What does the FAR sa
WARNING: OMB issued a memorandum on July 10 directing executive agencies to temporarily disregard the two GAO decisions discussed below until a full review can be conducted. Until such a review is conducted, do not use the table.
Depending on your point of view, two recent GAO decisions have either clarified or muddied our understanding of the rules pertaining to the order of priority for small business programs. In International Program Group, Inc., B-400278; B-400308, September 19, 2008, t
In TYBRIN Corporation, B-298364.6; B-298364.7, March 13,2007, the GAO held that an offeror's cost estimate that indicated that it would not perform 51% of the contract work on a small business set-aside rendered the offer unacceptable, even though the offeror did not explicitly take exception to the solicitation's limitation on subcontracting clause (FAR 52.219-14) and the SBA granted the offeror a certificate of competency. The GAO reasoned as follows:
As a result, the Air Force reopened
In a remarkable statement issued today, the Government Accountability Office (GAO) apologized to the Department of Defense for what it called "decades of unwarranted and unsubstantiated criticism." The admission came in the wake of the release of a March 2009 GAO report titled Defense Acquisitions: Assessments of Selected Weapon Programs that claims that for 2008 programs, research and development costs are now 42 percent higher than originally estimated and the average delay in delivering init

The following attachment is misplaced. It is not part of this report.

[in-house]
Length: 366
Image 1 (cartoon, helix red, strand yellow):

The myth about communication being 93% nonverbal probably didn't start in the contracting field, but we are partly responsible for its spread. This is especially true when it comes to the subject of contract negotiation. The course manual for CON 100 used to state that communication was 90% nonverbal as a matter of fact. A speaker at a recent conference that I attended used a figure of 93% in a presentation on contract negotiation. The current Contract Pricing Reference Guides contain a vari
When discussing the evaluation of competitive proposals with my students, I make a point of asking the following two questions (in order):
1. Are agencies required to evaluate proposals?
2. Are agencies required to rate proposals?
Usually, students respond affirmatively to question #1 and are able to support their answers by citing FAR 15.305(a), which states "An agency shall evaluate competitive proposals and then assess their relative qualities solely on the factor